REGINA, Sask. — Canadian officials have suggested we could be in for a major trade war with the U.S. after it chose to ignore a ruling in favour of Canada over the softwood lumber dispute.
Trade Minister Jim Peterson reportedly said Canada could slap tariffs on American products that would result in minimal damage domestically while stinging the U.S. where it hurts most. The comments were reiterated by two of his Cabinet colleagues who were visiting Saskatchewan yesterday.
“I have a background from my younger days in hockey. When somebody slammed you into the boards with undue force and aggression, you took their number,” Industry Minister, David Emerson told reporters. “I think we’ve got to take their number.”
Canadian officials are upset the U.S. has refused to reimburse the Canadian lumber industry for $4.1 billion in illegal duties. The softwood lumber dispute has dragged on since 2002, despite the fact NAFTA panels have repeatedly ruled in Canada’s favour.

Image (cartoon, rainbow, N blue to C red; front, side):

According to CNN, Emerson warned Canada would “identify a number of products where a tariff on American exports into Canada can be applied without serious damage to the Canadian economy and, hopefully, with maximum impact in the U.S.”
Canada ships about 80 per cent of its exports to the U.S. and exchanges $1 billion in goods each day. Finance Minister Ralph Goodale admitted Canada will have to retaliate "Without at the same time shooting ourselves in the foot."
“Canada has wanted to make it very clear that we are not happy with the position of the United States to simply ignore what is a clear NAFTA ruling in Canada’s favor,” Goodale told reporters.
One possibility would be charting export quotas on Canadian oil, but Emerson said that would unfairly punish oil-producing regions such as Alberta.
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